Tools for Overcoming Writer’s Block

By Chelsea Weller

The first step to overcoming writers block is admitting that you have writer’s block. Once this has been acknowledged, some students can hunker down and write. Others can’t—this article is for them. That said, reading articles about writers block won’t help the situation; this resource is simply a collection of tools to keep in your pocket in case you get stuck.

I won’t lie, I had writer’s block about writing about writer’s block, and I tried time and again to write this article without success. I discovered that my writer’s block was rooted in a lack of organization. I had an idea of what I wanted to say, but I had no idea how to say it. I made an appointment here at the Writing Center and talked about my topic. By the end of the session, I had a list of points I and a good idea of how I wanted to organize them. I was able to overcome writer’s block and the words began to flow.

My Fail-safe: The University Writing Center. Talking to someone is often all it takes to identify the problem and find a solution. You could also talk to a friend or professor if you feel like that could work, but you can make an appointment here according to your schedule. Even if talking to someone isn’t you first choice, keep us in mind in case you start to feel overwhelmed or no other solutions are working for you.

Do you understand the assignment? If the issue is a confusing assignment, you’ll want to talk to you professor. You might also put that piece of paper away. Write down the prompt from memory and don’t worry if it isn’t exactly as it appeared on the assignment. Now try to respond to it and keep that original tucked away. You can refer to it once you’ve produced some writing.

Are you struggling with how to respond to the prompt? Try to respond directly to the prompt. An example of this may be responding to the prompt “What is your favorite color?” with “My favorite color is teal because it sparks a memory of…” Sometimes it’s easier to write down everything you think relates to your topic and fill in information gaps later. By free writing about the assignment, ideas can develop and be used to form a more concrete outline or draft. Remember that free writing is only a tool to develop ideas and not a rough draft.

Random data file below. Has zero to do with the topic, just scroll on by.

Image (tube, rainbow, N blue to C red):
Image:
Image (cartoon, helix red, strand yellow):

Are you far enough along in the writing process to feel comfortable drafting? If any doubt is present in the answer to that question, brainstorming may be the best plan of attack. In my case, the cause of writers block was trying to draft before I had determined my organization; I would start typing and the first paragraph my ideas were unorganized. Brainstorm until you have some direction, then try to respond to the prompt and work from there.

Could researching the topic be a solution? Researching could be a solution, but it’s possible that you’re overwhelmed by the information. Try to have a definite direction in what you are trying to say before you go looking for information. If you decide that research might help you, gather resources or information relevant to your topic and generate a brief outline. By deciding how you might use the information as you go, the research will guide rather than drown you. It’s important to not jump to doing research.

Do you find yourself staring at the page, waiting for inspiration? Stepping away from the work for a short time can often be helpful. Such breaks must be selective but can be incentivized. Try telling yourself that if you finish a paragraph or a page, then you can watch an episode on Netflix or maybe get a snack (chocolate is the best motivator for me). Another strategy may be setting smaller, more manageable deadlines; for example, I need to have one page completed before I can go out on Thursday night. By rewarding yourself for making progress, you might find that you work faster.

If you are struggling with writers block, don’t panic; you aren’t alone. By talking to someone, you may resolve your writers block. If you prefer to work by yourself, try one of the strategies here. If these don’t work for you, many more that I couldn’t cover are only a search away.

This entry was posted in General Writing Advice, Uncategorized and tagged , , , , , , , , , . Bookmark the permalink.

Leave a Reply